"Essentially, the strategy is to help archive owners and manufacturers develop utilities that allow them to format media for AXF, if necessary, and to export to it," Weiss says. "If your tape library is in the native format of one particular manufacturer, you could with the appropriate utility, convert from that native format into AXF and store on appropriately formatted media. Then, you could take that media to a different system from a different manufacturer, and if that system had a corresponding utility to get AXF into its native format, you could move the material into that system. In this way, AXF can act as a lingua franca between systems that have not yet adopted AXF natively and have different native formats."
An additional benefit for companies that decide to adopt AXF natively is that AXF metadata can serve as a de facto backup tool for an archive system's database should it become corrupted. Although it would be time-consuming, AXF metadata could be recalled to rebuild the database - a sort of "ultimate bailout," if necessary, as Weiss calls it.
"Such methods also can be useful when you have mergers and acquisitions and have to transfer content or combine or consolidate archives," he adds.
Weiss says the Working Group currently is dealing with comments on the first part of the AXF suite of documents, the basic AXF protocol and its components, and he expects that standard to be published shortly. The second in the suite, which will detail how AXF metadata can be used to facilitate workflows, should be ready for balloting later this year, Weiss hopes, and publication around the end of the year. That part of the work is aimed at enabling content creators to employ AXF metadata to assist them in indexing and managing content as it moves through production, post-production, finishing, distribution, and eventually, into archives.
"We don't know how quickly the world will convert to AXF," Weiss says. "It will depend on how quickly manufacturers and others develop utilities to let you convert from native formats to and from AXF. People could use it just for interchange, or natively if they choose. These are things that I can't predict. But AXF was created based on what users told us their needs were, so that they could recover their content from archives in the absence of the systems that created those archives, and in fact, even in the absence of the manufacturers whose systems created the archives, in order to protect their investments in that content. We think we have taken a big step toward helping them do that."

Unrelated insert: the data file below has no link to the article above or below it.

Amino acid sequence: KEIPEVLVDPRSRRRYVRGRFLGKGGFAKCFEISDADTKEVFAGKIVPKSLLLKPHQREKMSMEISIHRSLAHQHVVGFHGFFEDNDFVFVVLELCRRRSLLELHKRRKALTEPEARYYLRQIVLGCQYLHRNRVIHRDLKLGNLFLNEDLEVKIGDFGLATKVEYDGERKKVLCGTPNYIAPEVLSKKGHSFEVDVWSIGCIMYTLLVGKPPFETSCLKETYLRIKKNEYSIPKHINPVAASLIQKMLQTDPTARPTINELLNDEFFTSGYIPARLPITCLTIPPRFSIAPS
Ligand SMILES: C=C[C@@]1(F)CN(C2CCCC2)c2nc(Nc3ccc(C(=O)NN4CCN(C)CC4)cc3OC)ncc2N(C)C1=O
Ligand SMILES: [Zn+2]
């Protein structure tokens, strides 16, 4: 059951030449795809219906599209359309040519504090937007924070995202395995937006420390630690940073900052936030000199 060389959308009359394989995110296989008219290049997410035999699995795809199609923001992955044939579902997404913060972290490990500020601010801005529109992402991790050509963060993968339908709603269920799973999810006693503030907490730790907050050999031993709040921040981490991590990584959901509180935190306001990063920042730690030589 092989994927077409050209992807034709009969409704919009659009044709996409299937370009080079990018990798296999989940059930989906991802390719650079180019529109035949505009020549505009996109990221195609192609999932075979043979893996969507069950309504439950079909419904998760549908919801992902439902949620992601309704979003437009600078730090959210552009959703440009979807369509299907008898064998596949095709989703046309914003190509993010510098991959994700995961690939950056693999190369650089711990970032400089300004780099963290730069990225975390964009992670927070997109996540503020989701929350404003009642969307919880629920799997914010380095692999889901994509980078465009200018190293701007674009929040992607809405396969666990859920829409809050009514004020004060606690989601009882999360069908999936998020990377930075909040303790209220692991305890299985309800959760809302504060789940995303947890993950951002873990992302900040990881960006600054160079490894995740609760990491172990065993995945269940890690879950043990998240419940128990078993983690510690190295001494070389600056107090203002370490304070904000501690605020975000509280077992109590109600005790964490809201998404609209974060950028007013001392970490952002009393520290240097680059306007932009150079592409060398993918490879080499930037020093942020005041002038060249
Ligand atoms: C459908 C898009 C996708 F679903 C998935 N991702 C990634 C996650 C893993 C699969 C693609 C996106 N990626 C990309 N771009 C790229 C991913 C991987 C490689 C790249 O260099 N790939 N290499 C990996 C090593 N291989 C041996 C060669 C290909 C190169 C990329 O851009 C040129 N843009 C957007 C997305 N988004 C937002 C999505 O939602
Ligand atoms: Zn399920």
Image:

Some of the companies behind development of the original open AXF specification maintain a website with information about the spec you can find here, and you can also read Weiss' article in the January/February issue of the SMPTE Motion Imaging Journal about the technical details of AXF.
27 Kilometers of 8K
Japan public broadcaster NHK continues its push to prove what it calls the Super Hi-Vision 8K broadcast format will someday be viable, with the latest development being what NHK calls a successful long-distance broadcast of a terrestrial Super-Hi-Vision 8K signal. According to a recent article in PCWorld, NHK's test in mid-January sent an 8K UHDTV signal from a broadcast site in Southern Japan to a receiving station 27 kilometers away using just a single UHF channel. A previous test in 2012 had sent such a signal 4.2 kilometers. NHK is working toward the goal of being able to possibly broadcast all or part of the 2020 Tokyo Olympics in 8K. For more on recent advancements in the world of 8K UHDTV, check out the September 2013 issue of SMPTE Newswatch.
Digital Workflows Evolve
The Creative Cow website recently published a comprehensive two-part series by Deborah Kaufman talking to technology experts and adopters about digital technology workflow trends and issues heading out of 2013 and into 2014. In the second part of the series, Kaufman chatted with several experts about the realities of the fact that the digital transition is no longer a "transition." It has arrived, and now needs to continue to evolve. Some of her sources talked about the importance of ACES color management architecture to new and improved workflows, others talked about new kinds of camera arrays built around lightfield technology, methods for improving lensing systems for 4K capture, what role higher frame rates will play in the theatrical and stereoscopic paradigms, new kinds of data management and archiving systems online collaboration methodologies, and many other important issues. You can find part 1 of the Kaufman's coverage here.